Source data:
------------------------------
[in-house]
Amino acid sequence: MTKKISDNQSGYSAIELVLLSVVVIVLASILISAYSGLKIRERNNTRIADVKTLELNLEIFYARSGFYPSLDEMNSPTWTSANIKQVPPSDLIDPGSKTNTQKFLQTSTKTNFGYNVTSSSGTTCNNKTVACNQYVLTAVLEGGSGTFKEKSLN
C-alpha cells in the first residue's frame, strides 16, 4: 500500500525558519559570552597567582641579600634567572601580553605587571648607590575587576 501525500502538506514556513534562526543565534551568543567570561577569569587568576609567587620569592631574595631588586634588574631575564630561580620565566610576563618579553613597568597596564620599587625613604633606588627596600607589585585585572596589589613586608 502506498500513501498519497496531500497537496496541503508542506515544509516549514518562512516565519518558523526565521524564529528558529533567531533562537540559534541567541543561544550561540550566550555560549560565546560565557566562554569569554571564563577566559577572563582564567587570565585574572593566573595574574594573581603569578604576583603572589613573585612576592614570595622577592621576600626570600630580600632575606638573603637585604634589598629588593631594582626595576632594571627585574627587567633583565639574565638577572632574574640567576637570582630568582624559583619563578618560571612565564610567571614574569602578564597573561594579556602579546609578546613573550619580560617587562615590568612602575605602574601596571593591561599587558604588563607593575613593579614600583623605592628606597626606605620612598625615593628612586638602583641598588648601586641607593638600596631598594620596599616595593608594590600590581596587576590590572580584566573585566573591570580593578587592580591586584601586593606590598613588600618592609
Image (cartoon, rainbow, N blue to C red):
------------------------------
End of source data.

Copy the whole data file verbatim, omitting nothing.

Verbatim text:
[in-house]
Amino acid sequence: MTKKISDNQSGYSAIELVLLSVVVIVLASILISAYSGLKIRERNNTRIADVKTLELNLEIFYARSGFYPSLDEMNSPTWTSANIKQVPPSDLIDPGSKTNTQKFLQTSTKTNFGYNVTSSSGTTCNNKTVACNQYVLTAVLEGGSGTFKEKSLN
C-alpha cells in the first residue's frame, strides 16, 4: 500500500525558519559570552597567582641579600634567572601580553605587571648607590575587576 501525500502538506514556513534562526543565534551568543567570561577569569587568576609567587620569592631574595631588586634588574631575564630561580620565566610576563618579553613597568597596564620599587625613604633606588627596600607589585585585572596589589613586608 502506498500513501498519497496531500497537496496541503508542506515544509516549514518562512516565519518558523526565521524564529528558529533567531533562537540559534541567541543561544550561540550566550555560549560565546560565557566562554569569554571564563577566559577572563582564567587570565585574572593566573595574574594573581603569578604576583603572589613573585612576592614570595622577592621576600626570600630580600632575606638573603637585604634589598629588593631594582626595576632594571627585574627587567633583565639574565638577572632574574640567576637570582630568582624559583619563578618560571612565564610567571614574569602578564597573561594579556602579546609578546613573550619580560617587562615590568612602575605602574601596571593591561599587558604588563607593575613593579614600583623605592628606597626606605620612598625615593628612586638602583641598588648601586641607593638600596631598594620596599616595593608594590600590581596587576590590572580584566573585566573591570580593578587592580591586584601586593606590598613588600618592609
Image (cartoon, rainbow, N blue to C red):